The procedure was done through femoral or central line access using 12 French double lumen dialysis catheters. Anticoagulation with 25000 units of heparin was attached to the lines according to instructions. The volume of plasma to be replaced was calculated according to patient’s weight, types of disease and decided numbers of sessions. Replacement of plasma removed during the session was done with isotonic sterile saline, to makeup one-half of the volume and with 4% purified human albumin and fresh frozen plasma to complete it. The amount of plasma to be exchanged must be determined in relation to the estimated plasma volume (EPV). A simple means of estimating the EPV can be calculated from the patient's weight and hematocrit using the formula; EPV = (0.65 × wt [kg]) × (1 − Hct) [7]. A careful monitoring of hemodynamic parameters was done and complications during or following TPE were rapidly recognized and reverted by rationale interventions of medical staff that assisted the procedure. Indications for TPE, number of cycles and sessions, duration of each session, volume of plasma exchanged and patient tolerance to the procedure were systematically recorded. All patients received additional medical therapy including immunosuppressant according to disease specific indication in collaboration with the original referring departments. Protocols for TPE were different and depend on the disease and its severity.

Statistical Analysis

Data collected throughout history, basic clinical examination and laboratory investigations. The outcomes measured, coded, entered and analyzed using Microsoft excels software. Then data imported into Statistical Package for the Social Sciences (SPSS version 20.0) software for analysis. Continuous data are expressed as the Mean±SD & median (range), and the categorical data are expressed as a number (percentage). According to the type of data, the following tests were used to test differences for significance. Continuous variables were checked for normality by using Shapiro-Wilk test. Independent samples Student's t-test test was used to compare two groups of normally distributed data. Differences between means (quantitative variables) were analyzed using ANOVA test. Paired t test was used to compare two dependent groups of normally distributed data. Wilcoxon singed ranks were used to compare two dependent groups of non-normally distributed data. Categorical data were compared using the Chi-square (χ2) test or Fisher's exact test when appropriate. All tests were two tailed. p < 0.05 was considered statistically significant (S), p < 0.001 was considered highly statistically significant (HS), and p > 0.05 was considered non statistically significant (NS).


Our unit records showed an average of 276 procedures during the year 2015. Most therapeutic procedures were performed on patients referred from department of neurology and mostly were referred for Guillain-Barre syndrome (GBS), Chronic Inflammatory Demyelinating Polyneuropathy (CIDP) and myasthenia gravis (MG). The clinical outcome of patient underwent TPE was assessed at the end of scheduled TPE session, at 3 months, and at 6 month after last procedure and categorized as improved, no change or worsen.

Patients clinical and demographic characteristics

A total of 57 patient admitted to our unit during the study period were included to this study. They were referred from Neurology, ICU, Nephrology and Cardio-thoracic surgery department. The average age of patients was 36 years with a range from 4-77 years. Twenty eight (49.1%) patients were male and 29 (50.9%) patients were female.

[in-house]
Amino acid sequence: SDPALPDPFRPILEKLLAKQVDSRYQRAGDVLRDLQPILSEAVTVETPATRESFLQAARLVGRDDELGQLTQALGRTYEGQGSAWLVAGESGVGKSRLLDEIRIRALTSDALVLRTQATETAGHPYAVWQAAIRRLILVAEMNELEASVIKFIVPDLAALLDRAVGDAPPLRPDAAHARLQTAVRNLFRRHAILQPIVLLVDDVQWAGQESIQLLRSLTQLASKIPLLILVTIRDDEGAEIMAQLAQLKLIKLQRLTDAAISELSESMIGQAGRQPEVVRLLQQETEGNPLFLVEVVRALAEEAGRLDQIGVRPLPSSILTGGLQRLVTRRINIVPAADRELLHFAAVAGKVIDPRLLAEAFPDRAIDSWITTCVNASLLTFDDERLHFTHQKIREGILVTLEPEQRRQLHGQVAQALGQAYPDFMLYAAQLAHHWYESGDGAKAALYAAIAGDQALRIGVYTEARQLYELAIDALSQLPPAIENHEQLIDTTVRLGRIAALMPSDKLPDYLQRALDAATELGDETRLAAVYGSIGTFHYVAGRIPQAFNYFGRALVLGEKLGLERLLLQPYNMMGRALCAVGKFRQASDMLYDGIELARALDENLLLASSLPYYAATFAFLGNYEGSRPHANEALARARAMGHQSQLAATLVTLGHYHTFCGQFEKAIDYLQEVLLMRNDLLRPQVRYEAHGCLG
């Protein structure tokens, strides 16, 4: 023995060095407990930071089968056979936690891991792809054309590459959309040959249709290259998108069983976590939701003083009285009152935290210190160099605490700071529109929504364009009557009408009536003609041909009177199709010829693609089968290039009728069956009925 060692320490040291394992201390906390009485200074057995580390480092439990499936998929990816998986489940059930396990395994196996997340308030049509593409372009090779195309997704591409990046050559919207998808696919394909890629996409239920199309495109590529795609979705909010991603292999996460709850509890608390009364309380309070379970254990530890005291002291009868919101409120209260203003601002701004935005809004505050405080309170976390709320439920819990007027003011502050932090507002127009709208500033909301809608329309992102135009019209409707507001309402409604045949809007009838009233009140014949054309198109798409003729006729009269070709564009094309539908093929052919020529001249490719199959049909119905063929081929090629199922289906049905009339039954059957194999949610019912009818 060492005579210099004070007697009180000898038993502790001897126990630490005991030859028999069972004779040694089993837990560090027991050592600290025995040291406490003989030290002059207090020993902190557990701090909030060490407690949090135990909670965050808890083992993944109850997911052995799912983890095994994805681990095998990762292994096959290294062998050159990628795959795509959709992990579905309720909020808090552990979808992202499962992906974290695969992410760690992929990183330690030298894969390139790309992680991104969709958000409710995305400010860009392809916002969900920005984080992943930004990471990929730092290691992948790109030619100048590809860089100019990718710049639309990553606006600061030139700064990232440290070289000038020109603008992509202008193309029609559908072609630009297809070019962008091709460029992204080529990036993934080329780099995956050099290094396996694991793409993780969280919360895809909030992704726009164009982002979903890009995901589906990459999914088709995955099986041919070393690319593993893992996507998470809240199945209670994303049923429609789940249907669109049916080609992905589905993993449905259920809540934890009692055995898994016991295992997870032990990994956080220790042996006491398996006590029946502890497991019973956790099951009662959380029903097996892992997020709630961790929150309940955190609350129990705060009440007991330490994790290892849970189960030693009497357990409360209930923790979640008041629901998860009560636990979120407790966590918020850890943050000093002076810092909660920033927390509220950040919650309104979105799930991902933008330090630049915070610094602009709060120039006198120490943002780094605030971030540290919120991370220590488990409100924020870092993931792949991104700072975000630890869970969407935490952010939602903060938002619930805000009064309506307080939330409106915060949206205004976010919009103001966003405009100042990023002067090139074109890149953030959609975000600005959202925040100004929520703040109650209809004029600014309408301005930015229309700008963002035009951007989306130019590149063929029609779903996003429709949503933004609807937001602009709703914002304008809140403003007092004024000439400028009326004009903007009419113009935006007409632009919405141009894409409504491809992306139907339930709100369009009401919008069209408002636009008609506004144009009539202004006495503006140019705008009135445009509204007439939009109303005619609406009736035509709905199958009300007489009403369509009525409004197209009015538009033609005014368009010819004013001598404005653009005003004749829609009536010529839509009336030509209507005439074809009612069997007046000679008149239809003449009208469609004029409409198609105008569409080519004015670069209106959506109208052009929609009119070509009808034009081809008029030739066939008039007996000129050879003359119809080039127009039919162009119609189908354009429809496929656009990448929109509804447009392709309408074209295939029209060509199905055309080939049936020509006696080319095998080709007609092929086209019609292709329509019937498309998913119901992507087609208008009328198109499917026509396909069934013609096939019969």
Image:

Classifications of patients according to the underlying diseases (Table 1)


No (57)

Male (28)

Female (29)




16 (28.1%)

2 (7.1%)

14 (48.3%)








25 (43.9%)

17 (60.7%)

8 (27.6%)


2 (3.5%)

2 (7.1%)

0 (0%)

Neuromyelitis optics

1 (1.8%)

0 (0.0%)

1 (3.4%)


2 (3.5%

2 (7.1%)

0 (0%)

Hyperviscosity syndrome

1 (1.8%)_

0 (0.0%)

1 (3.4%)


3 (5.3%)

0 (0.0%)

3 (10.3%)


7 (12.3%)

4 (14.3%)

3 (10.3%)

Table 1: Demographic and diseases characteristics.

Patients admitted for TPE were classified according to the underlying disease into the following:

  1. Patients with GBS: Twenty five patients were presented by GBS. Eight patients were female and the remaining 17 patients were male. The protocol of American society of Apheresis (ASFA) for GBS was followed “200-250 ml/kg bodyweight over 10-14 days divided by 5 procedures”, 2 patients died during the treatment course, 2 patients needed more than 5 TPE procedures. Every patient has pre and post TPE electromyography (EMG) study. Nerve conduction velocity, latency period, wave amplitude and f-wave were the items of concern in assessment of improvement.
  2. Patients with MG: There were 16 patients presented by MG of these 13 patients were female and 3 patients were male. Seven patients presented for pre-operative (pre-thymectomy) TPE procedures. One patient presented by postoperative MG crisis and 9 patients presented for management of MG crisis. Three patients died during the course of treatment; two of them were female with secondary MG as paraneoplastic manifestation.
  3. Patient with neuromyelitis optica: One female patient was presented by neuromyelitis optica with positive antibodies with no response to steroids and immunosuppressant.
  4. Patients with SLE: Three female patients diagnosed with SLE presented with anemia, thrombotic thrombocytopenic purpura and lupus nephritis were subjected to TPE treatment.
  5. Patients with cryoglobulinemia: Two male patients with cryoglobulinemia with increased plasma viscosity were subjected to TPE. No deaths recorded among those patients during the course of treatment.
  6. Patients with Chronic Inflammatory Demyelinating Polyneuropathy (CIDP): Two male patients with their age above 65 years old were presented with CIDP and scheduled for 5 TPE procedures. Both had had EMG study before and after TPE.
  7. Patients with Thrombotic Thrombocytopenic Purpura (TTP): Seven patients presented as TTP patients with low platelets. ASFA protocol was applied to perform TPE procedures until the achievement of 150000 platelets counts and decrease of LDH level to at least twice normal.
  8. Patients with hyperviscosity syndrome: one female patient presented with hyperviscosity syndrome and planed for TPE till the correction of plasma viscosity readings and subsiding her symptoms.